Negotiating Transition: A Review of "Arab Spring: Negotiating in the Shadow of the Intifadat"

Timothy Hodge
May 26, 2016

Arab Spring: Negotiating in the Shadow of the Intifadat is essentially a collection of negotiation case studies, with nine cases from the major transition points in the Arab Spring, and two outlying cases—Serbia and South Africa—that share thematic similarities. These 11 cases are capped on both ends by theoretical papers on negotiating in transition from editor I. William Zartman, and a mid-length paper on the implications for policy by Fen Hanson. It is an excellent reference collection, and is best suited to readers who want specific information with some analysis rather than an overarching direction in the work.

As might be expected, the style and focus of the individual short works within are somewhat variable. Some authors provide a comprehensive level of detail and explanation concerning the events of the Arab Spring as viewed through a negotiation lens, others provide a blow-by-blow example of the negotiation itself, and still others are focused on championing a particular thesis related to negotiation. Outside of the previously mentioned introduction and conclusion pieces, there is no attempt made to thematically tie together the smaller works or to compare them against each other. This often leaves the reader feeling that they are perusing a helpfully-compiled series of essays for their own research rather than following a larger direction intended by the author. As a result, Arab Spring feels more like a reference collection than a single-purpose work, and readers will get the most out of it in that regard. This also leads to an unfortunate repeating of certain basic information at an introductory level—the role of Islam and civil society in particular often get reintroduced from scratch—given the independent nature of the essays. Zartman tries to tie them loosely into a comprehensive set of lessons, and generally succeeds in mapping a workable model for how negotiations in transitioning environments are conducted, as well as the particular pitfalls of these situations.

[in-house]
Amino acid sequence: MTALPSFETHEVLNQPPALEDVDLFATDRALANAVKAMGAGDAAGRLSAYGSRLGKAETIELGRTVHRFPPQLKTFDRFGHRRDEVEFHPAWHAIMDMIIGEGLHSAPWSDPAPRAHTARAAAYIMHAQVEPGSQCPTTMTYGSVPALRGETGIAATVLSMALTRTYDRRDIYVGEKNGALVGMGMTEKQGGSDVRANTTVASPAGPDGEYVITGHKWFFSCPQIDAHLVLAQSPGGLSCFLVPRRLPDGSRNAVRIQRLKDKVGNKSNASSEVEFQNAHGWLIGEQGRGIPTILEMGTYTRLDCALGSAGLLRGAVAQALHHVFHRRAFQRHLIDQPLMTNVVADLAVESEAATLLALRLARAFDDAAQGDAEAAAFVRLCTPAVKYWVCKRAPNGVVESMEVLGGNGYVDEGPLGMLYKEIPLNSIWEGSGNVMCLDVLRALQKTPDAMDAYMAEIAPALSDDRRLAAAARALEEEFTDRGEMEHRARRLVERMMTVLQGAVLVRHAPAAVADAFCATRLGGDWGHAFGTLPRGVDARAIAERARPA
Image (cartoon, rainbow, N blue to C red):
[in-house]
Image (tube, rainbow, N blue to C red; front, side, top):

Recognizing the standalone nature of the components, the individual pieces are all very good or excellent. They are comprehensive and deep in their research, and typically have well thought-out, if somewhat liberal, conclusions. Any reader who wants to gain a summary expertise on the power plays for any given uprising during the Arab Spring will be duly rewarded if they move to the correct essay. Details of tribal negotiations in Yemen, the Islamist parties’ rise in Egypt, and the political process of how NATO decided to conduct an air campaign in Libya are all included, and all meticulously laid out in short order. Despite its limitations, Arab Spring is an excellent body of work that serves as a primer for the political transition portion of each of the major Arab Spring revolutions and neatly explains just how the people who ended up in power managed to do so. It is not a seminal piece of theoretical work, but it is an exceptional survey collection for anyone interested in the topic.